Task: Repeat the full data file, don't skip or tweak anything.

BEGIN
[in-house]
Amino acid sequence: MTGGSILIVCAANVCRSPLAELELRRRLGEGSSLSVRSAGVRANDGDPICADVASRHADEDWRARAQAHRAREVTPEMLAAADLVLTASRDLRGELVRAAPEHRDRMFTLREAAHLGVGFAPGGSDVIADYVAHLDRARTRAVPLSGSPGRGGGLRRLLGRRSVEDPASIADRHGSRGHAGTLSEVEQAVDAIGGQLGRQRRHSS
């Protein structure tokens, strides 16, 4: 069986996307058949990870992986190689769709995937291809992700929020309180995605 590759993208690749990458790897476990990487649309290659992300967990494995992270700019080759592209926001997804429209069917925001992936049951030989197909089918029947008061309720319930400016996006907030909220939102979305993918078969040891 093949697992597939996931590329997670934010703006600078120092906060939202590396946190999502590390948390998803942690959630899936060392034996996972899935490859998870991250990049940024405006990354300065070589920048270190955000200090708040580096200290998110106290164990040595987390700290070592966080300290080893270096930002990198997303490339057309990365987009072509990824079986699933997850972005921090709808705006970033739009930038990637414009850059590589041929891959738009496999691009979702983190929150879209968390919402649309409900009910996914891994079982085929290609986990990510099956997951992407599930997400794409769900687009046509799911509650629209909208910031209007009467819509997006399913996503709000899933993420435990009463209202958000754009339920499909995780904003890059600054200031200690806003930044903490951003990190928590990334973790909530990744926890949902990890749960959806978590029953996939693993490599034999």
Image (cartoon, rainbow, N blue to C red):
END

[in-house]
Amino acid sequence: MTGGSILIVCAANVCRSPLAELELRRRLGEGSSLSVRSAGVRANDGDPICADVASRHADEDWRARAQAHRAREVTPEMLAAADLVLTASRDLRGELVRAAPEHRDRMFTLREAAHLGVGFAPGGSDVIADYVAHLDRARTRAVPLSGSPGRGGGLRRLLGRRSVEDPASIADRHGSRGHAGTLSEVEQAVDAIGGQLGRQRRHSS
């Protein structure tokens, strides 16, 4: 069986996307058949990870992986190689769709995937291809992700929020309180995605 590759993208690749990458790897476990990487649309290659992300967990494995992270700019080759592209926001997804429209069917925001992936049951030989197909089918029947008061309720319930400016996006907030909220939102979305993918078969040891 093949697992597939996931590329997670934010703006600078120092906060939202590396946190999502590390948390998803942690959630899936060392034996996972899935490859998870991250990049940024405006990354300065070589920048270190955000200090708040580096200290998110106290164990040595987390700290070592966080300290080893270096930002990198997303490339057309990365987009072509990824079986699933997850972005921090709808705006970033739009930038990637414009850059590589041929891959738009496999691009979702983190929150879209968390919402649309409900009910996914891994079982085929290609986990990510099956997951992407599930997400794409769900687009046509799911509650629209909208910031209007009467819509997006399913996503709000899933993420435990009463209202958000754009339920499909995780904003890059600054200031200690806003930044903490951003990190928590990334973790909530990744926890949902990890749960959806978590029953996939693993490599034999």
Image (cartoon, rainbow, N blue to C red):